Convicted rapist Spencer Scarber’s motion for a new trial reads like a conspiracy novel: He says he was beaten and coerced into confessing that he raped a woman at knifepoint in July 2011.
The motion filed in Superior Court also says that his father, Kyle Scarber, once had an affair with Elizabeth Egan before she was elected as Fresno County’s district attorney. Therefore, Egan should have let another agency file charges against Spencer Scarber. The state attorney general’s office took over the prosecution four months after his arrest.
In addition, Kyle Scarber, a former California Highway Patrol assistant chief who once served as commander of the CHP’s Merced-area office, was thinking of running against Sheriff Margaret Mims in the 2014 election and had told people such as Madera County Sheriff John Anderson about the idea.
Because of the potential conflict, Mims had a duty to turn over the sheriff’s investigation into Spencer Scarber’s alleged rape to another agency, says Fresno attorney Charles Magill, who is representing the defendant.
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These tidbits and more are scheduled to be heard today in Fresno Superior Court.
Spencer Scarber’s case was flying under the radar until December 2012, when he vanished from his Squaw Valley home on the day he was to testify in his own defense.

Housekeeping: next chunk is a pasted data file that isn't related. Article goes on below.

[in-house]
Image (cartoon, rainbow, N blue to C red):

On Dec. 14, 2012, a jury deliberated just two hours before convicting him in absentia of five felony charges of rape, burglary and robbery.
Two months after the verdict, Mexican authorities in Acapulco captured Spencer Scarber, who had dyed his hair, grown a goatee and possessed a false ID. His arrest led to those of his father, his mother Gail Scarber and sister Crystal Reynoso on charges of aiding his escape. Their trials are pending.
Since his capture, Spencer Scarber, 21, has been in the Fresno County jail without bail.
Magill said Tuesday he filed the motion because he recently uncovered new evidence that proves Scarber was coerced into confessing.
“I know I’m opening a political can of worms, but I have taken an oath to defend my client,” Magill said. “If it means fighting the sheriff and the DA, that’s what I am going to do. I will not be intimidated by them.”
Egan, who was first elected in 2002 and re-elected in 2006 and 2010, declined to be interviewed. But in a statement reported last April by ABC TV Channel 30, she said: “For a brief period in the 1990s, while the district attorney was single, she was in a relationship with a member of defendant Scarber’s family. This past relationship has no bearing on the case.”
Mims, who was elected in 2006 and re-elected in 2010, also issued a statement, saying Spencer Scarber’s motion “is just another strange twist in a very interesting and intriguing investigation.”
Anderson, a former CHP commander, was caught off-guard.
He said he and Kyle Scarber have been friends a long time and that the elder Scarber told him, about a year ago, of his intention to run against Mims.
“Go for it,” Anderson recalled telling Kyle Scarber.
But Anderson said he didn’t know if Scarber could beat Mims, and said he didn’t want to get involved in the motion for a new trial. “I don’t know if the sheriff knew he was running or not,” Anderson said. “That might be the difference.”
At his trial a year ago, Spencer Scarber was represented by Antonio Alvarez, a successful Fresno defense attorney who has won acquittals for clients facing murder and other serious charges. Magill and his attorney wife, Laura Guzman Magill, took over after Spencer Scarber’s conviction.